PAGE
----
We are pleased to announce that Corona Renderer for Cinema 4D Beta 2 is released!
It has taken longer than we anticipated to move from Beta 1 to Beta 2, but it has been worth the wait! That largest part of the work on Beta 2 was the implementation of the Corona Material Node Editor, which adds a whole new way of working with materials (any materials, not just Corona Materials) and will revolutionize material editing in Cinema 4D.
But that’s not all! Some quick highlights are adding the Skin and Hair materials, a scene converter, the UVW Randomizer shader, the Corona Triplanar shader, advanced Bokeh effects, support for the native Layered shader, support for Cinema 4D R20, and more.
And of course there have been a huge number of bug fixes too.
NEW FEATURES VIDEO
Life is busy! If you don’t have time to read the blog, this video will give you a quick overview of the main new features in this release!
Read full details of what’s new in Corona Renderer for Cinema 4D Beta 2!
If you want to get straight to the download, you will find the latest version at:
Just before diving in to the Beta 2 release, let’s pause and take a look at some major points from around the company.
We are still hiring! We are also looking for Support Representatives, Project Managers, and Researchers, so if you are interested in working with us, please be sure to check our Jobs section regularly.
3ds Max plugin
Corona Renderer 3 for 3ds Max is on the way, with the Release Candidates already out as we work toward the final release. Don’t forget that Corona Renderer for Cinema 4D is based on the same core, so Beta 2 is already using the Corona Renderer 3 core!
Over on Max, we’ve added NVIDIA’s GPU Optix denoising, which lets you use denoising during Interactive Rendering, optimized memory usage, and improved displacement (so you get better quality with existing settings, or you can save up to 50% memory by lowering the displacement quality settings but get the same quality result).
Check out what is happening over on 3ds Max on our roadmap.
Corona Renderer for ARCHICAD
Back when Beta 1 was released, we mentioned that we were doing some test integrations of Corona Renderer in another application – since then, testing has gone well, and we’ve been able to reveal that this is an integration of Corona Renderer for ARCHICAD.
We’ve already got a lot up and running, including Interactive Rendering, Corona Materials, LightMix, and more. We’ll publish more news about this as soon (e.g. once you have access to a public alpha).
Corona Renderer for Cinema 4D
With Beta 2 complete, we’re happy to announce that we have set the expected release date for Corona Renderer for Cinema 4D! If all goes to plan, you can expect the first commercial release around January 7th 2019 – more on the roadmap!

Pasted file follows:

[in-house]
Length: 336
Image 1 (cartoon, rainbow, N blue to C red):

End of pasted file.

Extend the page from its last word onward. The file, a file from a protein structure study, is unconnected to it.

BETA 2 QUICK FACTS
Now back to the star of today’s show! Here is the overview of the changes since Beta 1:
- Cinema 4D R20 fully supported
- Added the Corona Node Material Editor
- Added Skin and Hair materials
- New Motion Blur implementation
- Added Scene Converter
- Added implicit conversion for many lights and shaders from Cinema 4D and V-Ray
- Added UVW Randomizer and Triplanar shaders
- Added advanced bokeh effects
- Added supports for denoising and noise and time limit in Team render
- Improved responsiveness of material previews
- A LOT of bug fixes!
And now all the new features and improvements in detail!
Corona Node Material Editor
Cinema 4D R20 introduced its own node materials, but these serve a very different purpose than the Corona Node Material Editor – the native node materials are a new type of material, a node material, and you “go inside” each of those materials separately to create and edit them.
The Corona Node Material Editor serves a very different function though –
It is a global or world view of materials
Our Node Material Editor is a way to view any of your scene materials – as many as you like at once – and then create or edit them using visual nodes, which greatly simplifies material creation.
You can use views to organize your materials
You can create as many views as you like, for example one view may contain all the wood materials, another all the metal materials, and so on – although how you use views is entirely up to you!
It can handle almost any sort of material
You don’t need to create a special material to use the Corona Node Material Editor. This means that any existing materials can simply be dropped into it, to take advantage of this visual way of working with them.
It also works with native Cinema 4D materials and shaders, Substance shaders, etc.
You can connect one shader to any number of channels, or any number of materials
Natively in Cinema 4D, if you attach a Noise map to the Diffuse for example, then want to add the same Noise map to the Bump, you end up with two separate Noise maps and have to edit or adjust both whenever you want to change them.
The same applied if you wanted to connect a shader to more than one material – you would end up with separate copies of the shader, and would have to modify the parameters in two (or more) places to keep things matching.
Using the Corona Node Material Editor, you can now connect one shader to as many channels – and to as many materials – as you like; change that one shader, and you affect all the channels and materials it is connected to (behind the scenes, this is done using a new Corona Shared shader, but you never need to know or think about that and can just draw your connections to hook up your shaders any way you like!)
It works with the native Layer shader
The native Layer shader is a bit of a different animal from most shaders – for one thing, the number of connections to it can change depending on how many layers you want, and its UI changes accordingly too.
It took some clever work, but we have the native Layer shader working perfectly in the Corona Node Material Editor, including being able to use Folders!
And you can use the native Layered material too – and mix and match all this functionality in any way you want.
You can edit in the Corona Node Material Editor, or in the native C4D material editors
You can swap back and forth between how and where you edit your materials, without having to worry. It’s up to you how you want to work with your materials!
Lots of functionality to ensure ease of use
As you’d expect from Corona Renderer, there are lots of features to make sure your workflow runs smoothly, such as auto-sorting of the node layout, select by selection box, CTRL + Drag to copy the selected nodes, and more.
It is not dependent on which version of Cinema 4D you are running
Since the Corona Node Material Editor is part of Corona Renderer, it will run in any version of Cinema 4D that supports Corona Renderer (R19, R18, etc.)
The Corona Hair and Skin Materials